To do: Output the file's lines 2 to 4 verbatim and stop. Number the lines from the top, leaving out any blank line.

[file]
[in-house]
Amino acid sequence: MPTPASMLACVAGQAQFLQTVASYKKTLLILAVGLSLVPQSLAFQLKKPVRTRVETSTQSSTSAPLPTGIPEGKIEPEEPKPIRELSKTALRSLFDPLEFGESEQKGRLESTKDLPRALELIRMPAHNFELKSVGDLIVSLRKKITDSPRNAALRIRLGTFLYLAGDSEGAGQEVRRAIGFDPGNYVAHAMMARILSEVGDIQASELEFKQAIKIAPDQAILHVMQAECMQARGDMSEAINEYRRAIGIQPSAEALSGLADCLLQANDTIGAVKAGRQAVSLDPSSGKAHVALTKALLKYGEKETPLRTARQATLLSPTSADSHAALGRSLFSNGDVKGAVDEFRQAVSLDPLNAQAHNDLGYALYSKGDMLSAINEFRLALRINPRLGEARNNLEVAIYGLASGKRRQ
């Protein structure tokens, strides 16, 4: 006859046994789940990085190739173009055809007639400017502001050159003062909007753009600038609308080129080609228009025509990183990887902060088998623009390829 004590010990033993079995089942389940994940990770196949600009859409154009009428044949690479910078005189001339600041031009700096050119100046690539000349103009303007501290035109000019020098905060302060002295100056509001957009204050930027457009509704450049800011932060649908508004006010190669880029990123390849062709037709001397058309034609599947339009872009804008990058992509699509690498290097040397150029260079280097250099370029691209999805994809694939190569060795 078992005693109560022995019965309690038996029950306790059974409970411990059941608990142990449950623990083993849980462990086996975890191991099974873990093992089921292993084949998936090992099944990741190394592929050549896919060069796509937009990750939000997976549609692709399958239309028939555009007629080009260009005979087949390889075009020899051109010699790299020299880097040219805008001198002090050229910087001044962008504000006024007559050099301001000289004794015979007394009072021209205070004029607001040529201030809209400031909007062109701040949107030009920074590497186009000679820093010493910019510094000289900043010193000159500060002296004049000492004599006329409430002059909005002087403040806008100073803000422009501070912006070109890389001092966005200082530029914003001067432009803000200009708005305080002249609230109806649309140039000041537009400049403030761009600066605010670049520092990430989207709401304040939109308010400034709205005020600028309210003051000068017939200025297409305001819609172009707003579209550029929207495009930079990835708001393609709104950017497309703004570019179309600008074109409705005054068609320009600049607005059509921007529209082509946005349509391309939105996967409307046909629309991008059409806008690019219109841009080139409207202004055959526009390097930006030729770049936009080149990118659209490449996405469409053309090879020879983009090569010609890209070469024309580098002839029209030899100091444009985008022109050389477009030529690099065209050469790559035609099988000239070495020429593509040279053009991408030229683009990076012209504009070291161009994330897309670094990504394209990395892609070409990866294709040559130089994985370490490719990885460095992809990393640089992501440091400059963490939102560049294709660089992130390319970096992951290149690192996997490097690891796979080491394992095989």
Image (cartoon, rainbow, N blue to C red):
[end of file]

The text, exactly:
Amino acid sequence: MPTPASMLACVAGQAQFLQTVASYKKTLLILAVGLSLVPQSLAFQLKKPVRTRVETSTQSSTSAPLPTGIPEGKIEPEEPKPIRELSKTALRSLFDPLEFGESEQKGRLESTKDLPRALELIRMPAHNFELKSVGDLIVSLRKKITDSPRNAALRIRLGTFLYLAGDSEGAGQEVRRAIGFDPGNYVAHAMMARILSEVGDIQASELEFKQAIKIAPDQAILHVMQAECMQARGDMSEAINEYRRAIGIQPSAEALSGLADCLLQANDTIGAVKAGRQAVSLDPSSGKAHVALTKALLKYGEKETPLRTARQATLLSPTSADSHAALGRSLFSNGDVKGAVDEFRQAVSLDPLNAQAHNDLGYALYSKGDMLSAINEFRLALRINPRLGEARNNLEVAIYGLASGKRRQ
């Protein structure tokens, strides 16, 4: 006859046994789940990085190739173009055809007639400017502001050159003062909007753009600038609308080129080609228009025509990183990887902060088998623009390829 004590010990033993079995089942389940994940990770196949600009859409154009009428044949690479910078005189001339600041031009700096050119100046690539000349103009303007501290035109000019020098905060302060002295100056509001957009204050930027457009509704450049800011932060649908508004006010190669880029990123390849062709037709001397058309034609599947339009872009804008990058992509699509690498290097040397150029260079280097250099370029691209999805994809694939190569060795 078992005693109560022995019965309690038996029950306790059974409970411990059941608990142990449950623990083993849980462990086996975890191991099974873990093992089921292993084949998936090992099944990741190394592929050549896919060069796509937009990750939000997976549609692709399958239309028939555009007629080009260009005979087949390889075009020899051109010699790299020299880097040219805008001198002090050229910087001044962008504000006024007559050099301001000289004794015979007394009072021209205070004029607001040529201030809209400031909007062109701040949107030009920074590497186009000679820093010493910019510094000289900043010193000159500060002296004049000492004599006329409430002059909005002087403040806008100073803000422009501070912006070109890389001092966005200082530029914003001067432009803000200009708005305080002249609230109806649309140039000041537009400049403030761009600066605010670049520092990430989207709401304040939109308010400034709205005020600028309210003051000068017939200025297409305001819609172009707003579209550029929207495009930079990835708001393609709104950017497309703004570019179309600008074109409705005054068609320009600049607005059509921007529209082509946005349509391309939105996967409307046909629309991008059409806008690019219109841009080139409207202004055959526009390097930006030729770049936009080149990118659209490449996405469409053309090879020879983009090569010609890209070469024309580098002839029209030899100091444009985008022109050389477009030529690099065209050469790559035609099988000239070495020429593509040279053009991408030229683009990076012209504009070291161009994330897309670094990504394209990395892609070409990866294709040559130089994985370490490719990885460095992809990393640089992501440091400059963490939102560049294709660089992130390319970096992951290149690192996997490097690891796979080491394992095989």
Image (cartoon, rainbow, N blue to C red):